So probably lack of tact, so between that lack of tact and a death threat, where do you draw the line as to what constitute cyberbullying? How do we regulate that?
Andrew Rossow: That’s a great question. I want to also thank Maria for her kind words, I appreciate that. It’s hard to draw the line. I think as a society and I’m not trying to come off as negative but realistic, and I think we as a society have become a little more fragile and sensitive than we ought to be or should be and we’re in a day and age unfortunately where no matter what somebody says, somebody is going to get hurt, somebody is going to be offended, somebody is not going to like it.
And I think this idea of trying to please everybody by staying locked up in a house or being this ideal model citizen if not realistic, but there are still ways to be proactive and positive. And I think to answer your question, it’s going to be a case-by-case basis and sarcasm is sarcasm, joking is joking, and I think when it comes down to what people do understand that distinction.
I think it comes into effect where there are two, may be more than two people could have never met or that may have met once or twice, they don’t really know each other, they don’t know what joking is like, they don’t understand the personality traits or how to determine sarcasm that makes that question very hard to answer, and especially with smartphones and being on a keyboard, it’s very hard to extract emotion out of it. It’s just not possible and that’s the cause of a lot of arguments, disagreements, misunderstandings and miscommunication among couples, friends, and everybody.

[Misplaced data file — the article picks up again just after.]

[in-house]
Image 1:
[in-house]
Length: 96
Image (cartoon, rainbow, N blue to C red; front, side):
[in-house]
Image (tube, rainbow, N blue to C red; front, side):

So I think it’s a case-by-case basis and unfortunately, with the court system we’ll start to see a broad spectrum of what is and is not considered to be cyberbullying in a sense.
But again, it’s unfortunately going to have to take those turns to create these boundaries and these extremes.